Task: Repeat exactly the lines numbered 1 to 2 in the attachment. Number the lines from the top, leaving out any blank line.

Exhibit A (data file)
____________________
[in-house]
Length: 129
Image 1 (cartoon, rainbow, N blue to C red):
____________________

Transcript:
[in-house]
Length: 129